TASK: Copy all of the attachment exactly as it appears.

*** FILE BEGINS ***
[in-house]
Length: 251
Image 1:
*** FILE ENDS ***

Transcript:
[in-house]
Length: 251
Image 1: